BACKGROUND: Typhoid ileal perforation remains a serious complication of typhoid enteritis with high morbidity and mortality in many tropical countries. AIMS AND OBJECTIVES: To determine the prognostic factors in typhoid perforation in Kano, Nigeria. METHODOLOGY: Fifty-three consecutive patients with typhoid perforation managed surgically were prospectively studied at the general surgical unit of Aminu Kano Teaching Hospital Kano, from March 2004 to February 2006. RESULTS: There were 26 (49.1%) males and 27 (50.9%) females, with age range of 2-55 years and a mean +/- SD of 12.2 +/- 10.2 years. The morbidity was 49.1% and the most common postoperative complications included wound infection, wound dehiscence, burst abdomen, residual intra-abdominal abscesses and enterocutaneous fistula. Mortality was 15.1% and was significantly affected by multiple perforations, severe peritoneal contamination and burst abdomen (p value <0.05, odds ratio >1). The mean duration of hospital stay for survivors was 16.1 days with a range of 8-57 days. CONCLUSION: This study has attempted to determine the factors that statistically influence mortality in typhoid perforation in our environment.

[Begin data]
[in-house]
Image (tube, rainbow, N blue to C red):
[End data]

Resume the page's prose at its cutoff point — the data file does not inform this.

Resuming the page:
PMCID: PMC2575870  PMID: 17913115
6.  Surgical pathology of schistosomiasis. 
Schistosomiasis remains an important health problem in many tropical countries and is being seen with increasing frequency in immigrant populations and tourists in developed countries. The pattern of organ involvement and clinical presentation of schistosomiasis in 80 patients (male: female, 9:1) during a five-year period (2001-2005) was examined from archival histopathology records. The urinary bladder was the most common organ affected [50 (62.5%)]. Gastrointestinal, male and female genital schistosomiasis were detected in 12 (15%), eight (10%) and five (6.1%) cases, respectively. Hematuria was the most common presenting symptom [34 (42.5%)], and bladder cancer was the only malignancy found to be associated with the infection. A high clinical index of suspicion usually allows for a preoperative diagnosis where indicated and avoidance of radical surgery. While research for the development of an effective vaccine continues, a plea is made for the expansion of multinational control programs in sub-Saharan Africa.
PMCID: PMC2576076  PMID: 17534016
7.  Impact of iodine deficiency on thyroid function in pregnant African women — A possible factor in the genesis of ‘small for dates’ babies